News & Events
Scientists Create New Anti-Greenhouse Cattle Feed
- November 10, 2019
- Posted by: Wiley M. Wagner
- Category: Science
Greenhouse gas is a really big article on the environmental pollution of our planet – and therefore it comes as no surprise that many research teams around the world are actively working on ways to, if not get rid of it, then at least significantly reduce its production. And today, employees of the Spanish Polytechnic University in Valencia presented their new project, aimed primarily at agricultural waste and livestock raised, because they proposed the creation of a new feed for livestock, which contains substances that significantly reduce greenhouse gas emissions from animal intestinal gases.
At the heart of the new feed is proposed to use a combination of rice fiber and leaves of an orange or lemon tree. The fact is that preliminary tests of these ingredients, coupled with third-party chemical catalysts, have demonstrated that they can actually reduce the level of methane and greenhouse gas emitted – this applies not only to the intestinal gases of animals, but also to gases generated during the burning of agricultural waste.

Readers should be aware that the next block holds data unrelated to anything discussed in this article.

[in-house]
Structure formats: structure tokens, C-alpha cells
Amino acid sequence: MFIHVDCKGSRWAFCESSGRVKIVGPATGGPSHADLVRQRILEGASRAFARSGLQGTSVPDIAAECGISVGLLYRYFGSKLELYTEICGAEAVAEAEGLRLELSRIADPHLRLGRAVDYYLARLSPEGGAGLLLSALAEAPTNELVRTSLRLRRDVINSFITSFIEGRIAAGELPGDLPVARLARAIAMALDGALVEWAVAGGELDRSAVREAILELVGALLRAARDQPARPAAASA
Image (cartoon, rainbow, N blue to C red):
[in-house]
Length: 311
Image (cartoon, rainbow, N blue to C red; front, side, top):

Then scientists from Spain conducted the second stage of research on live cows and found that feed containing these ingredients can reduce greenhouse gas production from 8 to 22%, which in itself is a fairly high indicator and can to some extent serve as a confident evidence that such feed can in fact soon begin to be used on a large scale. So far, a team of Spanish researchers is conducting secondary studies aimed at finding any potential side effects of this feed for the health of cows and other livestock.
But so far, no particularly noticeable side effects have occurred, which allows us to hope that the development of the new feed presented will indeed become one of the most promising and interesting in the very near future. In particular, if we talk about the proper distribution of rice fiber in combination with other food additives, contributing to a significantly smaller amount of greenhouse gas emitted.